South Asia

Nepal PM seeks unity cabinet to agree new constitution

Nepalese riot policemen patrol around the venue where leaders of Nepal"s major political parties are meeting to form a new coalition government that includes members of the main opposition parties, in Katmandu, Nepal, Thursday, May, 3, 2012.
Image caption Riot police guard the venue where political leaders are meeting

Nepal's Prime Minister Baburam Bhattarai is working to form a unity government as part of efforts to agree a new constitution by the end of May.

His cabinet resigned on Thursday to make way for the new administration and Mr Bhattarai will step down by the end of the month, aides say.

Parties have vowed to meet the deadline, having missed previous ones.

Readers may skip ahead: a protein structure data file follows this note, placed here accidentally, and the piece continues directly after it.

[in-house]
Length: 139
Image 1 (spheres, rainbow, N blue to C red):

The new constitution is a key part of a peace process launched in 2006 after Maoist rebels ended a 10-year revolt.

Mr Bhattarai, a senior Maoist leader, is expected to form the coalition government over the weekend, his office said.

The Maoists won most seats in elections in 2008 but fell short of an overall majority in the Constituent Assembly.

It was given two years to write a new constitution but that deadline has been extended as negotiations have faltered.

Nepal's Supreme Court has set what it says is a final deadline of 27 May for parties to reach agreement.

Image caption Mr Bhattarai faces a monumental task to forge consensus

Major stumbling blocks remain, such as how to construct a new federal Nepal which represents the country's diverse ethnic groups. Some observers doubt agreement can be reached by the end of this month.

"Differences in the new constitution are too fundamental to be resolved just by a consensus government," Kunda Dixit, editor of the Nepali Times weekly, told Reuters news agency.

"These should be debated by experts and demographers and should not be part of a political give and take."

Several ethnic groups want separate states under the new constitution.

On Monday, a bomb killed four people at a rally in the southern town of Janakpur, where protesters were demanding a separate state.